Side two emerges with the serious panache of "Interference," a suggestion of meteors, starlit skies and landscapes, all driven by a duet of sorts under-pinned by a strangely ethereal female voice. Vast in vision but concisely realized, this is an opus between an opera and a film score, brimming with atmosphere which bewitches via a catwalk vibrancy of confidence as it slinks away. Kraftwerk mesmerism flexes into life with "Spy Stories" twisting like a coiled snake made from colored wires with an unreserved cohesiveness, panache with a punch, a fluency of delivery that resolves itself in a polite spasm at the end. Aspects of Vangelis are at play in "She's A Miracle" in a definite march time, a smoldering epic like restrained Klaus Nomi. There's a delightfully casual musicality a ploy suggestive of Magazine at their most night-scape and relentless, it harnesses vastness of an almost Bowie in his Young Americans daze. Slick and smooth like sweet soul cream, it builds and swishes through a flawless set of production values, sophisticated and divine. If synth space soul were a genre it began here. A song that demands to be remixed to within an inch of the new life it deserves to have, with some lashings of Art Of Noise sophistication to enrich all further. As it fades an true wallop arrives to dismantle the reverie in a muscular punch in the form of "Streetwalker" -- Cameo locked in a room with Trevor Horn and Frankie Goes to Hollywood at their most challenging. A steroid induced funk flex-out, dizzying and perfectly delivered. "Living In A Perfect World" could easily be the closing menace as the credits roll in a sci-fi adventure that holds the menace of Ministry in the gothic stagger implicit as it fades.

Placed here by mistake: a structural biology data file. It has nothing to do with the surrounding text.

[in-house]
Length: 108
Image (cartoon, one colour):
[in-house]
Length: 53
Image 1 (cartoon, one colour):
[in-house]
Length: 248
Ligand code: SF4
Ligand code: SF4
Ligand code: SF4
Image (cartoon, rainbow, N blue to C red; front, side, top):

Despite the grandiose ambition revealed from these forgotten grooves, what exists is a neglected masterpiece, wholly representative of the time in which it was realized, but sufficiently inspired to sound fresh and utterly relevant to future days. Such was Scobie Ryder's faith in the album he had a few white labels pressed up in expectation of his efforts being valued. Despite representing its time with resolute authority, there were no takers. Deaf ears were the death knell of his glorious ambition. When I tracked him down to his current home for the last four years in Cambodia, he was politely astonished, and a tad rueful. He didn't even have a copy of the music any longer. It had all been lost along the way.
Ryder said: "Pleazure Unit was my original science fiction story of a world with very few men left (long after WW3). Where gatherings of less than X3 people, where love was forbidden and utterly outlawed. We had decided to make an album soundtrack of potential songs for a movie. I always say 'dream big' and back then we had high hopes (and as usual little or no promotion). The album is a concept electro pop thing. It was recorded at AOSIS studios in London with my then writing partner Jim Hawkins. 1984 was a loooong time ago. Everyone thought it was all a bit too weird. We even made some killer album artwork…. I always thought it had some magic."
Each ending is a new beginning. Scobie Ryder still believes in his Pleazure Units lost opus, and as it circles the smaller world than the one in which it was first created, that world awaits afresh for a glistening, gleaming resurrection. An electro messiah with out-stretched hands beckoning us to listen.
You have been warned. 1984 has returned to haunt and inform us anew.